Second, “the seller only offers the direct credit facility at the time of the original payment, and not for replacement payments.” If the direct credit facility had indeed been used at the time of the original payment, this sorry saga would have never had to unfold, as the proceeds would have been credited to my account and all would have been well.

With regard to the replacement payment, I am willing to give you the benefit of doubt and assume that there is a reason for being able to directly credit the account when making the original payment but not at a later date, and that this reason makes sense to someone somewhere. I doubt very much that this reason would make any sense to the person on the receiving end of these payments. This issue may or may not be something that DFMC can do anything about, if not, I’m sure this minor detail can be escalated to the proper address.

Third, “Consequently, you received a replacement cheque.” I find the tone of this statement quite arrogant, as it is factually completely incorrect.

Here’s my reply to this email:

I have not received a replacement cheque, nor a letter dated 25/01/2010. Did you perhaps send it to my old address?

to which I received perhaps the most infuriatingly we-really-don’t-give-a-shit reply of all:

We advise that we require all information relating to the same enquiry be viewable in the one email chain so that we are able to track the progress of the enquiry/request. Please reply directly from our previous email with the information below, so that we may assist you accordingly.

The subject of every single email communication to and from me had the following information, with ever increasing suffices:

Re: Re: 3501193-2225: Contact Us Query – Customer Centre-sf – J-po

Now, it may be silly of me to assume that “3501193-2225” is some sort of a reference number intended to keep track of email threads. If so, may I suggest that you get rid of this number that has no information value and in its place start using a reference number that can be used for just that purpose. Failing that, perhaps your email system could be augmented so that Mr/Ms Customer Centre can see previous emails from the same sender. Even Microsoft Outlook is capable of this.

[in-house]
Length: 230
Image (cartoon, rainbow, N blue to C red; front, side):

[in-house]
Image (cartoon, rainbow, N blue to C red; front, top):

I then dutifully replied again, this time making sure that the email contained everything from previous emails:

I have not received any written correspondence from you at my current address. Your claim that “I received a replacement cheque” is simply not true. How come the direct credit facility was not used at the time of the original payment? Please send me a replacement cheque and this time, please send it to the correct address: (my current address).

To which I received this reply:

The payment was for the sale of things. The company, Thingamajig decided to make the payment by cheque. We advise that you’re able to change the address details for your things by one of the following ways: (description of procedure elided)

You may recall that I changed my address on 22/1/2010. I foolishly assumed that that would be it and your system would now know that I now live somewhere else, and that no mail should be sent to an address that is no longer valid. Hence my reply:

I do not wish to change my details as they are correct. What is needed now is for you to post the cheque to the address indicated in your system.

As it turns out, the instructions I was sent for changing my address for the things online were not applicable in this situation, as we shall see a bit later. Feel free to take a break and get a cup of coffee, we’re nowhere near through yet.

The next email I received was this:

We confirm your replacement cheque (cheque number ABC) has been despatched from our offices on 19/02/2010 to the registered address of your things.